Reporting animal cruelty
When should I make a complaint?
While the majority of people who own or interact with animals treat them humanely and comply with agreed animal welfare standards, there are instances where this is not the case and an investigation is needed to identify whether a breach of legislation has occurred. The following is a list of examples of acts that could be the subject of a cruelty complaint:
- animals in immediate danger of death or harm (such as a dog locked in a car on a warm day or an animal that cannot get up and is distressed)
- animals that are hurt or abused
- neglected or abandoned animals
- animals suffering from untreated injury or disease
- animals that are not receiving adequate food, water and/or shelter
- animals that are being used in illegal activity (such as dog fighting or cock fighting)
- animals that have been deliberately poisoned (other than for the control of declared pests)
Who should I report a complaint about animal cruelty to?
Animal cruelty can be investigated by Inspectors authorised under the Prevention of Cruelty to Animals Act 1986 from the following organisations:
- DEDJTR (Department of Economic Development, Jobs, Transport & Resources)
- Local Government
- Victoria Police
If you witness cruelty or suspect that cruelty is occurring you should consider contacting the relevant enforcement agency listed below.
DEDJTR Inspectors primarily investigate matters concerning commercial livestock. Complaints should be directed to the Animal Health Officer at your local DEDJTR office. Call the DEDJTR customer service centre on 136 186 or email email@example.com.
If you find a sick or injured native animal, you should report it immediately to the Department of Environment, Land, Water and Planning (DELWP) customer service centre on 136 186 who will provide you with details of a DELWP staff member or local wildlife shelter that can provide advice or help.
For wildlife cruelty complaints contact DEDJTR or RSPCA where you will be directed to the appropriate officer.
Concerns about the welfare of animals being used in scientific procedures should be referred to Sp.Licensing@depi.vic.gov.au
The RSPCA primarily investigates complaints about companion animals and non-commercial livestock (for example horses and hobby farm animals). The RSPCA also investigates complaints regarding cruelty to invasive animals (for example illegal use of traps and setting of dogs on feral pigs).
A report can be made to the RSPCA either online or by phoning 03 9224 2222.
Local government officers, if specifically authorised under the Act can investigate cruelty complaints in the municipality in which they are authorised.
If you have concerns about the operation of a domestic animal business such as a dog or cat breeder or pet shop you can report them to the local council in which the business operates or to the RSPCA.
If there has been a road transport accident involving animals (for example a truck rollover) always call the Police. Police can also investigate complaints of cruelty.
What information is required when making a complaint?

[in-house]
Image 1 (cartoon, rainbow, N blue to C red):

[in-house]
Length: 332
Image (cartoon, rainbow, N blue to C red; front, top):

- your details – your name, address and phone number. These may be required during the course of an investigation (for example to clarify information or obtain further information on the location of animals). Your details will be kept confidential by the Inspector.
- a description of the alleged cruelty – in as much detail as possible, a description of the animal(s) involved, the location and condition of the animal(s).
- contact details for the people involved in the alleged offence – the name, address and phone number if known. If unknown a description of the person or people involved should be provided.
- any other information that may be of assistance to the Inspector such as a vehicle registration number, photographic or video evidence. If you know that the people involved may be affected by drugs or alcohol or are likely to become violent you should inform the Inspector.
What happens after a complaint is made?
When a complaint is made an Inspector will examine the available evidence and determine whether an offence under animal welfare legislation is likely to have occurred or not.
Only officers authorised as Inspectors under the Prevention of Cruelty to Animals Act 1986are legally able to investigate cruelty to animals. Inspectors (except police officers) must on demand produce an identification certificate. It is an offence to impersonate an Inspector.
Following a complaint an Inspector has the power to undertake any one of the following actions depending on the outcome of their investigation:
- take no further action
- provide education and advice
- issue a formal notice to comply
- seize the animals and collect evidence including requiring information from relevant persons
- begin a prosecution
During an investigation a person must comply with the requirements to give information to Inspectors as detailed in the Act. It is an offence to give false or misleading information. It is also an offence to assault, hinder or threaten an Inspector. Complainants are able to enquire as to the outcome of investigations but the investigating organisation may not be able to reveal the outcome in all cases.